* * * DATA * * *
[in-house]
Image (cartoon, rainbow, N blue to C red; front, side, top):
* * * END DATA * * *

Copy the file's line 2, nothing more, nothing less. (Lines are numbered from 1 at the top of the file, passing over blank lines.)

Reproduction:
Image (cartoon, rainbow, N blue to C red; front, side, top):